- Sophi’s largest sculpture was a 10 foot diameter fake birthday cake she created in 1998. It was displayed in the gusty winds of Fire Island the following year.
- Attending a conference in California, Jeff is urged by his roommate to wrap up the podcast so that they can go fetch an In-N-Out burger. (It was quite good!) Carmen started rattling off items from the not-so-secret In-N-Out “secret menu.”
- You can reach Sophi through her website, or follow her on Twitter.
Thanks to Sophi Kravitz for allowing us to use the photo of her and her HeartBeat Boombox as the image for this episode. Podcast theme music provided by Paul Stevenson
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Guest David E. Goldberg talks with us about shifting expectations for engineers, and reveals the crucial skills needed by tomorrow’s engineering professionals.
- Listening and questioning are important skills for today’s engineer, but these subjects are rarely addressed in the engineering curriculum.
- Our guest is David E. Goldberg, who is the Jerry S. Dobrovolny Distinguished Professor Emeritus at University of Illinois at Urbana-Champaign (UIUC), and the CEO of ThreeJoy Associates.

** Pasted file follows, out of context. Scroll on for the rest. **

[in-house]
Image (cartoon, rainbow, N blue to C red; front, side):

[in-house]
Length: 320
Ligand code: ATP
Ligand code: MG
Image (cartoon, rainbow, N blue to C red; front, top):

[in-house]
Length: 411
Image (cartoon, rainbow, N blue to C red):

- Dave obtained an amateur radio license as a teenager, allowing him to communicate around the world via a Model 15 teletype machine.
- A day spent shadowing a city engineer led Dave to enroll in civil engineering.
- Despite his background in civil engineering, our guest wrote one of the leading references about genetic algorithms. His interest in artificial intelligence was sparked by the book, Gödel, Escher, Bach: An Eternal Golden Braid.
- In 2010, Dr. Goldberg resigned his tenure at UICU, and undertook training as a leadership coach at Georgetown University.
- Dave’s efforts with engineering reform started with iFoundry at UIUC. This project was influenced by the National Academy of Engineering report, The Engineer of 2020. Another influential report was Engineering for a Changing World, authored by James J. Duderstadt of the University of Michigan.
- Making changes to the engineering curriculum is difficult, as it induces a log-rolling problem among the faculty.
- In the late 1800’s, leading electrical engineers enjoyed a “rock star” status. This included luminaries such as Thomas Edison, George Westinghouse, and Nikola Tesla.
- It has been argued that technology and innovation are dominated by market-driven value judgments, rather than technical knowledge. This leads to engineering being a socially captive profession.
- The rise and fall of engineers as business leaders may have resulted as a conflict between bureaucratic loyalty and professional independence, as outlined in The Revolt of the Engineers, a book by Edwin Layton.